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Katharina Bock (CITI-GENS ESR3)

Visual Voices: a User Interface – how online resources aid educational and community development

Find out more about Katharina

Pure Profile

Project Description

Research into the needs, potential, design and implementation of an online interactive web resource based on the Prisons Memory Archive (, and how such resources can engage (or otherwise) audiences with multi-layered narratives of contested pasts. The PMA has been awarded a £500,500 HLF grant, in collaboration with the Public Record Office of Northern Ireland to preserve, make accessible and encourage engagement with 300 hours of audio visual recordings from the Maze and Long Kesh Prison and Armagh Gaol, which operated during the political conflict known as the Troubles. These walk-and-talk recordings feature a diverse range of participants who interacted with the prison sites in different ways, as prisoners, prison officers, teachers, chaplains, relatives, lawyers, doctors, probation officers, and maintenance workers.
There are two aspects to accessing and engaging with the PMA – as a full archive at PRONI and via a User Interface on the world wide web. PRONI are currently addressing the former and the PMA are shortly to engage with a technical partner to address the latter. The doctoral student would base their research on the second aspect of the project, which will engage with museums, libraries, schools, further education colleges and community groups in order to analyse how such an archive can be utilised in various educational and community contexts.
The project has inbuilt inter-disciplinarity with film studies, memory studies, transitional justice, oral history, education, museum studies and computer science forming the theoretical foundation of the research to date.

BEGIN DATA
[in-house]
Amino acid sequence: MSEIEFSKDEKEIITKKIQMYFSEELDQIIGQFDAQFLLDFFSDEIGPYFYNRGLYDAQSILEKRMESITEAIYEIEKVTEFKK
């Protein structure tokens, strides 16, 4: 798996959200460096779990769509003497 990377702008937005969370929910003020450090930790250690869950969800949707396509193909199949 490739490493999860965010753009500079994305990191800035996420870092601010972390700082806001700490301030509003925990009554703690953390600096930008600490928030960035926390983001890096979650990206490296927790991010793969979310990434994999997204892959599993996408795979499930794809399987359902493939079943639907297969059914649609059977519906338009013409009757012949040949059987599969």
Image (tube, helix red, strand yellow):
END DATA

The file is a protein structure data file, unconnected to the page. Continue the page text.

The current Northern Ireland Office consultation document on addressing the legacy of the past proposes an oral history archive, which will have a strong online element. Our research will be of considerable benefit to NI and similar international initiatives where digital developments open up new possibilities for addressing the role of storytelling as a means of addressing the legacy of the past in societies transitioning out of violence.
The use of the world wide web to provide tools and resources for educational and community development has been well established. What has yet to be fully exploited are the uses of such resources in societies transitioning out of violence. Northern Ireland is unique in many ways, not least in its compromise solution to conflict transformation, albeit with its own limitations and setbacks. However, NI does provide a useful laboratory for addressing political, social, cultural, educational and community initiatives. The innovative linking of culture and technology lies at the core of this application.

Project Partner

The Public Record Office Northern Ireland (PRONI) is part of the Department of Communities and the official record keeper and archive centre for government in the region. It also has an extensive collection of private archives. As the partner with the PMA in the HLF grant, PRONI and the PMA collaborate on a daily basis on the three themes of preservation, access and engagement.
PRONI will provide access to any documents relevant to the project. Partners at PRONI will provide invaluable knowledge, guidance, networks and mentorship for the PhD student as they develop dissemination strategies for the PMA.

Katharina's supervisors

Professor Cahal McLaughlin
School of Arts, English and Languages

Dr Raluca Roman
School of History, Anthropology, Philosophy and Politics

Lynsey Gillespie
Public Record Office of Northern Ireland
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